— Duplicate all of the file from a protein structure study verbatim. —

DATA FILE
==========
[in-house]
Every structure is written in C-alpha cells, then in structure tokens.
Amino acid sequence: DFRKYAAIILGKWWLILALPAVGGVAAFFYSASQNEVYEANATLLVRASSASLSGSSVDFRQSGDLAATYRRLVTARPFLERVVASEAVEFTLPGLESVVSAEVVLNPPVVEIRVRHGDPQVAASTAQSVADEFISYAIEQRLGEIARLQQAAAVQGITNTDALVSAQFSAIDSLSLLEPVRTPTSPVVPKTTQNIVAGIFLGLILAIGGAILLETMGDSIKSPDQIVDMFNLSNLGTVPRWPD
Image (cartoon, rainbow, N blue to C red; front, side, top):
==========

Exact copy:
[in-house]
Every structure is written in C-alpha cells, then in structure tokens.
Amino acid sequence: DFRKYAAIILGKWWLILALPAVGGVAAFFYSASQNEVYEANATLLVRASSASLSGSSVDFRQSGDLAATYRRLVTARPFLERVVASEAVEFTLPGLESVVSAEVVLNPPVVEIRVRHGDPQVAASTAQSVADEFISYAIEQRLGEIARLQQAAAVQGITNTDALVSAQFSAIDSLSLLEPVRTPTSPVVPKTTQNIVAGIFLGLILAIGGAILLETMGDSIKSPDQIVDMFNLSNLGTVPRWPD
Image (cartoon, rainbow, N blue to C red; front, side, top):